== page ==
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by Carol Evans [

A school psychologist asked a question about testing of students with blindness and visual impairment.

QUESTION: I am interested in the intellectual assessment of Blind and Visually Impaired students. Many of the measures normed on this population are quite dated.

What is the current state of "Best Practice" in the assessment of this population?

A Teacher

RESPONSE: Dear Teacher, 

You are correct in stating that many of the tests geared for the blind are old. They also have a number of other limitations, both technical and practical. The Perkins-Binet has been withdrawn from the market and is no longer considered ethical to use. It may be interesting for you to know that the P-B used miniatures for object identification.

This is inadequate because miniatures do not represent real items to a blind child in the same way that pictures represent them to a sighted child. The Blind Learning Aptitude Test (BLAT) was a noble pioneering effort by T. Ernest Newland in 1969. It can still be obtained, but the norms are 30 years old, quite inflated for today's examinees. The printing currently being sold by the publisher has errors in two items which with the help of Alan Koenig, who had an older, more accurate version, and a tactile graphics kit, I was able to fix on my copy. I sometimes use it for qualitative purposes to describe how a blind student approaches a tactile task. I do not report scores. I hope that a revision of this test will be published some day, as did the late Dr. Newland. It needs better (more durable) materials (it is embossed on paper, and wears down after a few uses. It also needs improved layout and better spacing of stimuli and response items.

The Bartimeus Center in Holland has published a test for the blind called the Intelligence Test for Visually Impaired Children. It is said to be based on Thurstone's theory. Standardized on the entire Dutch-speaking braille-reading population of Holland and Belgium (about 156 children) It has both verbal and tactile performance subtests, and is published in Dutch, German and English. There are only a few in this country, and there have not, to my knowledge, been any studies published yet on English speaking children. The school for the blind for which I work is ordering the test now (it is quite expensive), and I may do some doctoral research with it. Opinions are divided among those who have used it. (Some swear by it; some swear at it!)

As far as best practice is concerned, if children are blind (little or no useful vision, learning tactilely), many school psychologists are using the Wechsler Verbal Scale; some also qualitatively describe non-verbal ability by observing braille reading, and other manipulative tasks.

Some psychologists give only the Verbal Scales to children with low vision, even those who are using print for learning. I believe that this practice leaves out an important component of the assessment: how effectively, and how efficiently, does the child use vision?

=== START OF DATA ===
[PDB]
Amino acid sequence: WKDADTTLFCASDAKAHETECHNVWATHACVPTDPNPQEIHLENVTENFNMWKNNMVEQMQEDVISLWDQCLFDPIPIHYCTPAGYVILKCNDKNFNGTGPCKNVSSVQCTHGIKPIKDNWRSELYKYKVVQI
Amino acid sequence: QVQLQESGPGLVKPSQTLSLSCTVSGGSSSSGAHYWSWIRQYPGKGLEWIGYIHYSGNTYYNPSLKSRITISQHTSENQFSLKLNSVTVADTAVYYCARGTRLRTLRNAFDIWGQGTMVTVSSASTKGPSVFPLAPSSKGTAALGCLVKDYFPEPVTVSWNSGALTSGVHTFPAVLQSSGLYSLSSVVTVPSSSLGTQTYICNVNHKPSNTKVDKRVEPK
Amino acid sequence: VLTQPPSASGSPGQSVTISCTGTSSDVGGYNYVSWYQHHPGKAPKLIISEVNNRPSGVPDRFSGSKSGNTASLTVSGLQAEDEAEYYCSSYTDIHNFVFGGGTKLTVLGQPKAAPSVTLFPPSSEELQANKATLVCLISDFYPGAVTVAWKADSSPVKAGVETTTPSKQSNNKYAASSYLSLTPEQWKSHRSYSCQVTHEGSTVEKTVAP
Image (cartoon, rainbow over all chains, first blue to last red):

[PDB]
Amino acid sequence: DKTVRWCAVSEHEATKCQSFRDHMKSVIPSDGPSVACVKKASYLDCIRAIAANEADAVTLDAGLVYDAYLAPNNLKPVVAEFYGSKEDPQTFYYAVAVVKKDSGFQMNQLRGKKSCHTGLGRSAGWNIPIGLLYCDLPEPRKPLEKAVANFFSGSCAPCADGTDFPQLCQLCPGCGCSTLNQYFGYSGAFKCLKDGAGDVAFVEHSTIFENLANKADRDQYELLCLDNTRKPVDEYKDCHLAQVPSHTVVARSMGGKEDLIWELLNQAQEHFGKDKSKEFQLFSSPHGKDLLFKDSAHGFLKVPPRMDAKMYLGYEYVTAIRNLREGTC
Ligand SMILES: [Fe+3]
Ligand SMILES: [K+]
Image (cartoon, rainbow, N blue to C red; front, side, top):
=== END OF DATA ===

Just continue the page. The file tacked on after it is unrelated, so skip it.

This question may be answered in part by using the entire Wechsler scales, reporting only the verbal score, and describing the child's approach to, and success with visual-spatial tasks for qualitative purposes only. The purpose of this procedure is to illustrate the ways in which performance degrades when excessive demands are made on a faulty visual system (Richard Russo, School Psychologist, California School for the Blind).

It is incorrect to compute a Performance IQ and Full Scale IQ for these children, as scaled scores have been shown to vary with visual acuity (particularly on timed tasks, and especially on those with bonus points for rapid completion).

Prior to testing, obtain information about the etiology and characteristics of the vision loss, severity, age of onset, and other aspects of the child's medical history. Is it an ocular problem only? Or is the vision loss part of a larger syndrome, with other possible learning and behavior implications? Is it static or progressive? Is hearing normal or impaired? This last is a very important consideration.

You may obtain important information about the child's visual function through consultation with the certified teacher of the visually impaired, who should have performed a functional vision assessment. In some cases the child may have had such an evaluation by a low vision therapist at a school for the blind, or some other blindness agency. If no such report is available, you will want to make your own observations of how vision is being used in classroom tasks prior to testing. Any and all adaptations used by the student for print enhancement in the classroom are appropriate when testing.

The psychologist is encouraged to "interpret with caution" when writing the report, and to explicitly say so, for two reasons:

  1. Some items, even on the verbal scales, have been shown to be biased against children who have very severe, early (congenital or soon after) loss of vision.
  2. You will be using accommodations for access to the materials, which should be explicitly described in the report.

A substantial body of prior research with the Revised versions of the Wechsler scales showed a tendency to lower Comprehension (and on some studies, Similarities and Information) scores. It also pretty consistently showed higher scores on Digit Span (regarded as a compensatory skill).

Those with whom I have communicated in the recent past, who work with this population, say that these tendencies to such profiles are still being expressed in many cases with the Third Editions of the WISC and WAIS, although I have been unable to find any published studies replicating those earlier results with these updated tests.

Carol Anne Evans, M.Ed.